Must-know: ANR’s thermal coal business in 3Q14

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Thermal—or steam—coal

Alpha Natural Resources (ANR) produces thermal coal from its mines in the Appalachian Basin and Powder River Basin (or PRB). The company had around three billion tons of thermal coal reserves. 2.2 billion tons are located in the Appalachian. The remainder is in the PRB. Other major coal producers (KOL) in the PRB include Cloud Peak Energy (CLD), Westmoreland (WLB), and Peabody Energy (BTU).

part 2 thermal

Steam coal shipments

The company shipped 16.5 million tons of thermal coal in 3Q14—compared to 16.8 million tons in 3Q13. This was a 1.8% drop.

The company sold 9.3 million tons of PRB steam coal during the quarter—compared to 10.1 million tons in 3Q13. It was a 7.9% drop. The drop was mainly a result of rail underperformance in PRB. We’ll discuss this in the next part of the series.

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In contrast, eastern steam coal shipments—produced in the northern and central Appalachian—increased 7.4% to 7.2 million tons in 3Q14 from 6.7 million tons in 3Q13. Utilities prepared themselves for the upcoming winter by increasing coal stock, especially in the east where gas prices increased substantially last winter.

Revenue per ton decreases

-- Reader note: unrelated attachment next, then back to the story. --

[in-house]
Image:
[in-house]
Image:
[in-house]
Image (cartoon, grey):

PRB coal’s revenue per ton dropped to $11.81 in 3Q14—from $12.58 in 3Q13. However, it didn’t change from 2Q14. The eastern steam coal was sold at an average of $58.16 per ton—compared to $63.21 in 3Q13 and $58.53 in 2Q14. Appalachian coal’s price remained under pressure due to falling demand and competition from the Illinois Basin (or ILB).

Revenues decrease

Due to lower shipments and lower price per ton, the overall revenues from the reporting segments—Eastern steam and PRB—dropped. PRB’s revenues dropped 13.6% to $109.6 million in 3Q14. However, PRB revenues were up compared to $93.4 million in 2Q14. The company sold more coal in the third quarter.

The Eastern steam coal revenues dropped marginally to $417.8 million in 3Q14—from $425.1 million in 3Q13. This was mainly due to lower revenue per ton.

What challenges are ANR’s steam coal business facing? We’ll discuss this in the next part of the series.

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